For a new mother, there’s nothing quite like scrolling through Instagram. You spend a lot of time with not a lot of fingers free, and cracking open a book often takes too much energy. Enter the social media platform tailor-made for the sleep-deprived, as easy and as addictive as a bag of honey soy chicken chips.
The ranks of mummy influencers on Instagram are legion. One of its queens is Arizona-based neonatal nurse and parent of four Cara Dumaplin. Many of Dumaplin’s 1.4 million followers probably didn’t even know her full name until recently; instead, the name of her account has been passed down from one tired mum to another, via nocturnal text messages and over bottomless cups of coffee, for years now. She is simply @takingcarababies, and as of a few weeks ago, she is in trouble.
To care about the controversy swirling around Cara – a perfect illustration of a bitterly divided America – you first have to understand what she means to millions of Millennial mothers. We speak a language which parents from even a generation before might have a difficult time recognising, of “wake windows”, “sleep cues”, and Dumaplin’s signature acronyms for sleep-issue strategies, SITBACK and CRIES. These are explained in a series of courses on baby sleep, her area of expertise, ranging in price from about $100 for a newborn sleep basics PDF, to upwards of $390 for “a complete 90-minute video course” and supplemental phone calls. (These calls are not with Dumaplin herself but one of her “certified sleep consultants”.)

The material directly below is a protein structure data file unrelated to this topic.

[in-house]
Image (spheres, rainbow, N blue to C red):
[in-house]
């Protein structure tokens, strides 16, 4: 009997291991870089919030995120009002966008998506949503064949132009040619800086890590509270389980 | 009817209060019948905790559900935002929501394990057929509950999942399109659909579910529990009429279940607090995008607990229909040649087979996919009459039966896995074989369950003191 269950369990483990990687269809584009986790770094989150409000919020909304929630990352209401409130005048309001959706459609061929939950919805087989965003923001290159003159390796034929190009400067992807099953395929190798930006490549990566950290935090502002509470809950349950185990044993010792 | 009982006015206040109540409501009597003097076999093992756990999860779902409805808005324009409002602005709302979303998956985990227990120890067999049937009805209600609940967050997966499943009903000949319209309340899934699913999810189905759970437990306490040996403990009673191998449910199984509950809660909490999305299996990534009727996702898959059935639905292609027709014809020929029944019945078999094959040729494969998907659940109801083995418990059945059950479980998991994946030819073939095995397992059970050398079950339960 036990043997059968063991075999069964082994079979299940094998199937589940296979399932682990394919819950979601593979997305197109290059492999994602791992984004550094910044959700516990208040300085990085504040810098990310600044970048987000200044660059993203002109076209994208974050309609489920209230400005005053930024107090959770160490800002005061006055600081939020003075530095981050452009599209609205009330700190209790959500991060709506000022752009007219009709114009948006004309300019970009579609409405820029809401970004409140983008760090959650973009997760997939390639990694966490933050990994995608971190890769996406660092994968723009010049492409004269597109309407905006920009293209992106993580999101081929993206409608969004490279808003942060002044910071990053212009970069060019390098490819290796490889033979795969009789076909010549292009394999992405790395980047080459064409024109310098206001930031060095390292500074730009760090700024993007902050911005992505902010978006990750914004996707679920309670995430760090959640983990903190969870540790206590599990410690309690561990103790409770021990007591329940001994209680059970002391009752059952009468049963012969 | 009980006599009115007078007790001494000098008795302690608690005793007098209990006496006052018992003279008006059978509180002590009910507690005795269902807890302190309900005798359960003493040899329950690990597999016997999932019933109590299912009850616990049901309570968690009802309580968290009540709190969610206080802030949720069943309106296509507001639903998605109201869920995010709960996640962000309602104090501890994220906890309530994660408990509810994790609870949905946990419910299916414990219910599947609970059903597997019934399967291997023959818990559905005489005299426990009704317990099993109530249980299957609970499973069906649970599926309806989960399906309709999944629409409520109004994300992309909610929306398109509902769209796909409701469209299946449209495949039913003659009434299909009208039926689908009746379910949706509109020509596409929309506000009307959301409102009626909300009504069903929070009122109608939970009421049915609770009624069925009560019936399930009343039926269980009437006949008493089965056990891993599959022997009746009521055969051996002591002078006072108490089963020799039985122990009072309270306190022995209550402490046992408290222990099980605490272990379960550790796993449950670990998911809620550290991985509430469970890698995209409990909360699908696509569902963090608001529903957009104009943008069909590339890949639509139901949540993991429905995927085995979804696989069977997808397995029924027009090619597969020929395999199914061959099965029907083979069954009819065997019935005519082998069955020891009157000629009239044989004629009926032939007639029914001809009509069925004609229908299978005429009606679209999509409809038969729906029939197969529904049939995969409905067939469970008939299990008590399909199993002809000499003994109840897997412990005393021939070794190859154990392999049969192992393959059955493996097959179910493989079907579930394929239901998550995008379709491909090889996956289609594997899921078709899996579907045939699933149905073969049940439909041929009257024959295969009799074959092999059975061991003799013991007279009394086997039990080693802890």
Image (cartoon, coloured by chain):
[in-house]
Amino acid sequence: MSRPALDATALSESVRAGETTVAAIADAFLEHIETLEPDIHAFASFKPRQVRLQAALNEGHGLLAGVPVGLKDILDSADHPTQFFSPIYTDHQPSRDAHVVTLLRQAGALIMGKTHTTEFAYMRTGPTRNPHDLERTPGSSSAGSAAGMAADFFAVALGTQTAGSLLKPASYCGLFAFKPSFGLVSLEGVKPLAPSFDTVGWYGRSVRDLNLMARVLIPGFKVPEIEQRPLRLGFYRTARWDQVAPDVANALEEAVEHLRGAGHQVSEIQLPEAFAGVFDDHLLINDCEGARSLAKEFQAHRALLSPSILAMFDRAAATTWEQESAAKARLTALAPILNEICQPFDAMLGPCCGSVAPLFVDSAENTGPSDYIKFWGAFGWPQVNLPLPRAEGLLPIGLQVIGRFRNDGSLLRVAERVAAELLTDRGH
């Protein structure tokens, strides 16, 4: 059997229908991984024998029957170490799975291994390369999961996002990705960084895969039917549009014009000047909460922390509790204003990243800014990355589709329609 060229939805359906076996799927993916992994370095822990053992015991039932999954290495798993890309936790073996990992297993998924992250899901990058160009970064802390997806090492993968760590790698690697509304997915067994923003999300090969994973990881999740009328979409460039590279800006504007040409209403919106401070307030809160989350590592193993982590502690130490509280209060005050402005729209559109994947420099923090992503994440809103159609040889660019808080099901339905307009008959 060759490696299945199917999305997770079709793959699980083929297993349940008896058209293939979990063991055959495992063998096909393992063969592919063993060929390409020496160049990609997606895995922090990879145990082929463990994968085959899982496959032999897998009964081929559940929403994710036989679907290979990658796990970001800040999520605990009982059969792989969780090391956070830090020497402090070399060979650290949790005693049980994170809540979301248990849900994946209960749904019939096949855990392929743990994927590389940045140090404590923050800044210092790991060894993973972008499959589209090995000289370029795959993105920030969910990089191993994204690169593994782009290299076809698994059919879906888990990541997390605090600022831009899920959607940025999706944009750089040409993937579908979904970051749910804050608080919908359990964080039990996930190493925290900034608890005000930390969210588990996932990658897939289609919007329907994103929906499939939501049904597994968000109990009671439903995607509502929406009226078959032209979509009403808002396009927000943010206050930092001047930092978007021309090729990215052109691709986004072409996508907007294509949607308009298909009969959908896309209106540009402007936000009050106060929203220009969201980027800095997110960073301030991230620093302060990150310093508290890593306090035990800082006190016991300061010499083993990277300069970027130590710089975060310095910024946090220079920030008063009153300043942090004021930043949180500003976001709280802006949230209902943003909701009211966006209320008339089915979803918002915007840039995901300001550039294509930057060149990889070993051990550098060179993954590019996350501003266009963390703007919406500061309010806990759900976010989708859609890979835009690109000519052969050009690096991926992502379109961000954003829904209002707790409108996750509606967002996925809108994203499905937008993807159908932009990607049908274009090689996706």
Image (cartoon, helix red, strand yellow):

I never paid for the classes myself, but with two young children I came to depend on Dumaplin’s free, evidence-based advice on her Instagram account. She is a soothing, almost anodyne presence, her blonde bob tousled in the manner of a commercial TV news anchor, her voice hushed as though she’s about to segue into a lullaby at any moment. Her videos are full of motivational mantras for women in a hormonally charged, emotionally vulnerable life stage. One she repeats is “you are exactly the right mama for this baby”.